|Food away from home||0.3||1.4|
|All Items Less Food & Energy||0||0.8|
|Used cars and trucks||-0.7||12.9|
|Medical care commodities||0.3||2.6|
|Medical care services||0.8||3.7|
Not seasonally adjusted CPI measures
"The Consumer Price Index for All Urban Consumers (CPI-U) increased 1.1 percent over the last 12 months to an index level of 218.439 (1982-84=100). For the month, the index rose 0.1 percent prior to seasonal adjustment."
If you are an average U.S. urban family, the cost of a market basket of goods and services that cost you $215.97 in September of 2009, cost you an additional 1.1 percent in September 2010 - up to $218.44. Is a $2.47 increase over one year significant to your family? Did your family income rise as much as this? If yes, you may be okay. If not, your purchasing power has declined.
"The Consumer Price Index for Urban Wage Earners and Clerical Workers (CPI-W) increased 1.4 percent over the last 12 months to an index level of 214.306 (1982-84=100). For the month, the index was unchanged prior to seasonal adjustment."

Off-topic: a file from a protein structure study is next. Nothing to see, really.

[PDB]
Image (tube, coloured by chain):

"The Chained Consumer Price Index for All Urban Consumers (C-CPI-U) increased 0.9 percent over the last 12 months. For the month, the index rose 0.1 percent on a not seasonally adjusted basis."
The "chained" index, adjusted for inflation, increased less than the unadjusted index. The low rate of inflation has reduced the impact of the market basket price level change.
Consumer Price Index for All Urban Consumers (CPI-U)
The all urban consumer group represents about 87 percent of the total U.S. population. It is based on the expenditures of almost all residents of urban or metropolitan areas, including professionals, the self-employed, the poor, the unemployed, and retired people, as well as urban wage earners and clerical workers. The CPI for All Urban Consumers (CPI-U) is the index most often reported by the national media.
Consumer Price Index for Urban Wage Earners and Clerical Workers (CPI-W)
The Consumer Price Index for Urban Wage Earners and Clerical Workers (CPI-W) is based on the expenditures of households included in the CPI-U definition that also meet two requirements: more than one-half of the household's income must come from clerical or wage occupations, and at least one of the household's earners must have been employed for at least 37 weeks during the previous 12 months. The CPI-W population represents about 32 percent of the total U.S. population and is a subset, or part, of the CPI-U population. The CPI for Urban Wage Earners and Clerical Workers (CPI-W) is the index most often used for wage escalation agreements.